Surreal landscapes with my best friend.

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First Travels

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I’m on my way to Arizona, feeling uneasy and uncomfortable. I want to be one of those people who has seen so much, who has all of these soul-awakening stories. Is it common to feel inadequate about things you have not yet done? Where do these preconceived ideas of how I should enjoy these moments stem from? It’s as though I’m comparing my travel experience to some unknown source, some “cool” way to make the world mine. Who am I even comparing myself to?

I want to tell this inner pressure to take a step back. To live in the moment and experience things my way. But I feel burdened by these standards. It’s like I’m grasping at something that I can’t begin to understand. I just want to be there.

But I know those moments where I think, “I’m proud of what I’m making room in my life to experience” will come again.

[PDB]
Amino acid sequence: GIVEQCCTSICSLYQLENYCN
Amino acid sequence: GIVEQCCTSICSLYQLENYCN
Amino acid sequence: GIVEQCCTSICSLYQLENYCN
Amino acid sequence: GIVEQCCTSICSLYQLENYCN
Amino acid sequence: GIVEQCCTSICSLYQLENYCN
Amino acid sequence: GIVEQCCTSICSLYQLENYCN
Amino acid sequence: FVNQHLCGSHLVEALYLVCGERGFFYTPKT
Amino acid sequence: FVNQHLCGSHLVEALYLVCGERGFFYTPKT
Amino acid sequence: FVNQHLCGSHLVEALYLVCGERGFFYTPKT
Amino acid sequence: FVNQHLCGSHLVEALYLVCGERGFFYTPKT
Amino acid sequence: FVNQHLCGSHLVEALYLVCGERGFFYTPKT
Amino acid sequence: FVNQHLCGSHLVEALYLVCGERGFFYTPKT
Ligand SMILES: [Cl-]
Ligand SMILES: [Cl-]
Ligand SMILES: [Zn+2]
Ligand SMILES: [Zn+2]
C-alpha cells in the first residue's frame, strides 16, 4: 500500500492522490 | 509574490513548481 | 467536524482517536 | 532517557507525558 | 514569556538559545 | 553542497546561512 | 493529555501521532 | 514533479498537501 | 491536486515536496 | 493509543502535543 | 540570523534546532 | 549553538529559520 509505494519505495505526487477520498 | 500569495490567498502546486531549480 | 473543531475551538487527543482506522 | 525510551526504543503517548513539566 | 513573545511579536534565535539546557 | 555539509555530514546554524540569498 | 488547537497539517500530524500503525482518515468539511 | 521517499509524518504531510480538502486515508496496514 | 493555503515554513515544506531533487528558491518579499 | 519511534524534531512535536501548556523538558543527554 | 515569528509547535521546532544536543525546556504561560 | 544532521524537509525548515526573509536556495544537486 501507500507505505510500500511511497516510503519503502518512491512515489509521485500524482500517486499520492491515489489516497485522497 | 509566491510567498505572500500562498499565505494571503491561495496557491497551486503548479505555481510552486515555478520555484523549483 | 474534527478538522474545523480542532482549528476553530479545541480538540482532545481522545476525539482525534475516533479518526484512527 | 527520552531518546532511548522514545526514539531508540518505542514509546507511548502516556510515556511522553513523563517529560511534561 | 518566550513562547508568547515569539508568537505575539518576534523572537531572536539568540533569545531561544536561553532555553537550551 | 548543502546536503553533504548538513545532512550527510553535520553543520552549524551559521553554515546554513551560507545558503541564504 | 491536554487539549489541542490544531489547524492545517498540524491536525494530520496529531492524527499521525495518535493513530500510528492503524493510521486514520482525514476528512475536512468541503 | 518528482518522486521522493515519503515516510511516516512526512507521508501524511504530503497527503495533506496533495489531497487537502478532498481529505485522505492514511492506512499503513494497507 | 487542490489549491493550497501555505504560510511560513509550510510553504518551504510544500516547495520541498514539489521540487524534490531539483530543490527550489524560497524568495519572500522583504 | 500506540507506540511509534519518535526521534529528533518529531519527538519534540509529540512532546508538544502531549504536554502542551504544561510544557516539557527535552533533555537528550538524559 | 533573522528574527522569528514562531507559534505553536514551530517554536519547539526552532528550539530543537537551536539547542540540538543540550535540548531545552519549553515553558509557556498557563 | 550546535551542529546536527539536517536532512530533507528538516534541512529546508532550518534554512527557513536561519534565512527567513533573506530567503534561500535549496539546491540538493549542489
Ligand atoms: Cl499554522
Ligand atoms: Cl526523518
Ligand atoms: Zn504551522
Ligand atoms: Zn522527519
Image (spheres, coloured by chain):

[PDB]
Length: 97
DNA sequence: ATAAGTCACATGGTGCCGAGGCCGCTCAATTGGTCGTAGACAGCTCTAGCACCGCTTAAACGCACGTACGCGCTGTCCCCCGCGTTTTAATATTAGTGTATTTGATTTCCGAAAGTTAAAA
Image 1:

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I was afraid of the unknown. I have learned that I adapt well to new surroundings. How uplifting it is to be close to people who are in similar places in their lives. Living well in new spaces is a practice in acceptance and gratitude. It’s easy to think of yourself as being different and estranged from the feelings and thoughts of others. But it’s a practice in humility to realize that you’re a tiny piece. Like everyone else, you’re doing the best you can to make the most out of your life.

Is it true that no matter your circumstance, you’re always longing for something you can’t have? If so, it puts into perspective your true needs and who you really are.

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Roses Pushed

Original drawing

Pencil

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“Roses pushed inside my palm
And rusting with the fun”

Art Glitching

Photo glitching of an original drawing with Notepad

Self-portrait